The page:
I don't really understand what the possible solutions mean, any help would be appreciated!

#### Kenny Lau (Mar 28 2020 at 13:28):

if you include `bounded_union`

then I suspect it will just use `bounded_union`

on `n+1`

#### Jason KY. (Mar 28 2020 at 13:31):

Right, that's probably it

#### Jason KY. (Mar 28 2020 at 13:33):

Actually I'm not sure, I have`bounded_union : ∀ (n : ℕ), is_bounded (⋃ (i : ℕ) (H : i ∈ finset.range n), S i)`

as a hypothesis. Will `simp`

not use this instead?

#### Jason KY. (Mar 28 2020 at 13:34):

Is there a way to manually name this inductive hypothesis so it's less confusing?

#### Kenny Lau (Mar 28 2020 at 13:35):

it would be easier for me to help you if you would produce an MWE

#### Jason KY. (Mar 28 2020 at 13:36):

Alright, will do!

#### Jason KY. (Mar 28 2020 at 13:38):

This should work

import topology.metric_space.basic variables {X : Type*} [metric_space X] /- Notion of boundedness on metric spaces -/ def is_bounded (S : set X) := S = ∅ ∨ ∃ x₀ ∈ S, ∃ k : ℝ, ∀ x ∈ S, dist x x₀ ≤ k /- The union of two bounded subsets is also bounded -/ lemma bounded_union_two (S T : set X) (hs : is_bounded S) (ht : is_bounded T) : is_bounded $ S ∪ T := sorry /- The union of finitely many bounded subsets is also bounded -/ theorem bounded_union (S : ℕ → set X) (h₀ : ∀ n : ℕ, is_bounded $ S n) : ∀ n : ℕ, is_bounded $ ⋃ i ∈ finset.range n, S i | 0 := by simp; constructor; refl | (n + 1) := by simp [bounded_union_two, bounded_union]

#### Kenny Lau (Mar 28 2020 at 13:40):

I don't think `⋃ i ∈ finset.range n`

is idiomatic

#### Reid Barton (Mar 28 2020 at 13:41):

Since `n`

is an explicit argument, does it help if you just put `bounded_union n`

in simp?

#### Jason KY. (Mar 28 2020 at 13:41):

Kenny Lau said:

I don't think

`⋃ i ∈ finset.range n`

is idiomatic

Sorry but what does idiomatic mean?

#### Jason KY. (Mar 28 2020 at 13:43):

Reid Barton said:

Since

`n`

is an explicit argument, does it help if you just put`bounded_union n`

in simp?

Emm, then `simp`

doesn't solve the goal, but maybe it's working as intended then?

#### Kenny Lau (Mar 28 2020 at 13:43):

import topology.metric_space.basic variables {X : Type*} [metric_space X] /- Notion of boundedness on metric spaces -/ def is_bounded (S : set X) := S = ∅ ∨ ∃ x₀ ∈ S, ∃ k : ℝ, ∀ x ∈ S, dist x x₀ ≤ k /- The union of two bounded subsets is also bounded -/ lemma bounded_union_two (S T : set X) (hs : is_bounded S) (ht : is_bounded T) : is_bounded $ S ∪ T := sorry /- The union of finitely many bounded subsets is also bounded -/ theorem bounded_union (S : ℕ → set X) (h₀ : ∀ n : ℕ, is_bounded $ S n) : ∀ n : ℕ, is_bounded $ finset.sup (finset.range n) S | 0 := by left; simp; refl | (n + 1) := by simpa [finset.range_succ] using bounded_union_two _ _ (h₀ _) (bounded_union n)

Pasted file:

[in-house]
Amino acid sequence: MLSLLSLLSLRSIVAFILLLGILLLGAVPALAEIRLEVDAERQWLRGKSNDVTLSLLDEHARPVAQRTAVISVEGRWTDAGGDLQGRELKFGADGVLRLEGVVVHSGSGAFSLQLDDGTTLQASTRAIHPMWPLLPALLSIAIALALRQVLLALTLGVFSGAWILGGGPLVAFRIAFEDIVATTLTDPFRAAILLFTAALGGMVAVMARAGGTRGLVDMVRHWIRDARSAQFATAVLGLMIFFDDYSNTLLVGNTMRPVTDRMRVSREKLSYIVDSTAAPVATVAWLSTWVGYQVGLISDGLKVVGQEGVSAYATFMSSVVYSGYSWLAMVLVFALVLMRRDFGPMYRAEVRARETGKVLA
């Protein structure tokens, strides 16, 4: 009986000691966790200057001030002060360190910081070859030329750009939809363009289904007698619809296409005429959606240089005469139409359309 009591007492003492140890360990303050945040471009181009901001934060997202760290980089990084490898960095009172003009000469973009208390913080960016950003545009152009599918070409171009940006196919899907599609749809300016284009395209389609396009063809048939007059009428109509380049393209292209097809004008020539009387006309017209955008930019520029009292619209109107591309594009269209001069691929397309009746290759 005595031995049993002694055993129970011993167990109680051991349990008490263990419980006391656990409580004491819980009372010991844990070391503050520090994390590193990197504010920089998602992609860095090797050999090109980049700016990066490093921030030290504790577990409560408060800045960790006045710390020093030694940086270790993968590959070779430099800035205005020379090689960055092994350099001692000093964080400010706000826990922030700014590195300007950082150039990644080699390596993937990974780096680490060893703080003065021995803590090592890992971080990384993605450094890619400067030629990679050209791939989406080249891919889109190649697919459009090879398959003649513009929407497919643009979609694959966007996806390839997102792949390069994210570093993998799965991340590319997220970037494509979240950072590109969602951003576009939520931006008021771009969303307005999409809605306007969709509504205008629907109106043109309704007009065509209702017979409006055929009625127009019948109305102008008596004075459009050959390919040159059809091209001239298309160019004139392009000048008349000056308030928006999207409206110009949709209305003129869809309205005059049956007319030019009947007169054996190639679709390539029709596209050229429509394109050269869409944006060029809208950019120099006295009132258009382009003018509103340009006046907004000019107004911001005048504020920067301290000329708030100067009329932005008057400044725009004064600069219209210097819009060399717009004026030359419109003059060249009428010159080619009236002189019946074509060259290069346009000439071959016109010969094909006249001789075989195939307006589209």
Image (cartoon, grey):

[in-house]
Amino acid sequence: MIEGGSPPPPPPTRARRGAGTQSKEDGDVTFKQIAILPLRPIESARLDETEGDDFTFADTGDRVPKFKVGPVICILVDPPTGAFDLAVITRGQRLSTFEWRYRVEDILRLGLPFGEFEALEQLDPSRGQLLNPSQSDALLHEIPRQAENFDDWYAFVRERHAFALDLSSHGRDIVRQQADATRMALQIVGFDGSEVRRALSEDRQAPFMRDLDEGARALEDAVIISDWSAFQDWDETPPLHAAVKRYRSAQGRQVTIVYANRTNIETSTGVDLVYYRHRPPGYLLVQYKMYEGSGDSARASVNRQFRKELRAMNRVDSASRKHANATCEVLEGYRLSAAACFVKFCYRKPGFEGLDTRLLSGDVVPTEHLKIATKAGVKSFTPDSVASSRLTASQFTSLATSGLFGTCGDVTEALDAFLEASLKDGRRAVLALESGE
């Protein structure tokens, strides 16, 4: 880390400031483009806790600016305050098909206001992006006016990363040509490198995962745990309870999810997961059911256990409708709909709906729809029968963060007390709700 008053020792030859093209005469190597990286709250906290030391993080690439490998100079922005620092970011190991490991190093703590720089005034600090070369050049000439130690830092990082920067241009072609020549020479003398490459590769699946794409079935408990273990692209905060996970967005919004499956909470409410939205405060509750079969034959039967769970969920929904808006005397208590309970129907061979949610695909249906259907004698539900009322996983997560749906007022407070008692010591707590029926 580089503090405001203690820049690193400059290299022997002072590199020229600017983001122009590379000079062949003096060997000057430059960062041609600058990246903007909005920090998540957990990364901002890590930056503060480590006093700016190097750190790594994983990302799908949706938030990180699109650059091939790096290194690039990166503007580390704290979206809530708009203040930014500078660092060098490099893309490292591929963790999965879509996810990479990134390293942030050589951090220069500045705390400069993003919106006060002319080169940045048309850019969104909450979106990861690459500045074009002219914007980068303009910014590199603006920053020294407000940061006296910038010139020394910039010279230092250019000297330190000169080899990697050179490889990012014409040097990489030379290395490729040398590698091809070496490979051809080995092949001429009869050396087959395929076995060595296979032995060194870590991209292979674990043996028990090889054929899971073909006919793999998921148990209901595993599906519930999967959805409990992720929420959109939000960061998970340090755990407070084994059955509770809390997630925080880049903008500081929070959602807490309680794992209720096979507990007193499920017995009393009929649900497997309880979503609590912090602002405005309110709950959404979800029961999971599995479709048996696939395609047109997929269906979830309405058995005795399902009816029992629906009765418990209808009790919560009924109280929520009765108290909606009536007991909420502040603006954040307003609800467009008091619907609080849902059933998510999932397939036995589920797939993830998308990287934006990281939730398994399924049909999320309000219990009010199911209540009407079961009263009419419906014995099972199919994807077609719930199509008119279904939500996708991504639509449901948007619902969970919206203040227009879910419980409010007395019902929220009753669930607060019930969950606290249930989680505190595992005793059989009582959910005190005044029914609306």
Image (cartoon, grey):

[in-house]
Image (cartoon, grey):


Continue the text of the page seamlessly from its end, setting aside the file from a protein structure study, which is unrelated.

#### Reid Barton (Mar 28 2020 at 13:43):

Jason KY. said:

Kenny Lau said:

I don't think

`⋃ i ∈ finset.range n`

is idiomaticSorry but what does idiomatic mean?

The normal way to write something. Consider `⋃ i < n`

.

#### Kenny Lau (Mar 28 2020 at 13:44):

Jason KY. said:

Kenny Lau said:

I don't think

`⋃ i ∈ finset.range n`

is idiomaticSorry but what does idiomatic mean?

idiomatic means the same in English as in here: how people would say it

#### Jason KY. (Mar 28 2020 at 13:44):

Ah, alright!

#### Kenny Lau (Mar 28 2020 at 13:44):

Reid Barton said:

Jason KY. said:

Kenny Lau said:

I don't think

`⋃ i ∈ finset.range n`

is idiomaticSorry but what does idiomatic mean?

The normal way to write something. Consider

`⋃ i < n`

.

I... don't think that's idiomatic either

#### Kenny Lau (Mar 28 2020 at 13:44):

because there's not enough lemmas to reduce from n+1 to n

#### Jason KY. (Mar 28 2020 at 13:46):

Right, I'll try to use `finset.sup`

in the future then, thanks for the help!

#### Kenny Lau (Mar 28 2020 at 13:47):

I don't know what's idiomatic actually. When do we use a finite union?

#### Kenny Lau (Mar 28 2020 at 13:47):

I mean, this lemma has nothing to do with `is_bounded`

: it's just induction from `bounded_union_two`

#### Reid Barton (Mar 28 2020 at 13:47):

ok yes

#### Reid Barton (Mar 28 2020 at 13:48):

lemma set.finite.compact_bUnion {s : set β} {f : β → set α} (hs : finite s) (hf : ∀i ∈ s, compact (f i)) : compact (⋃i ∈ s, f i) :=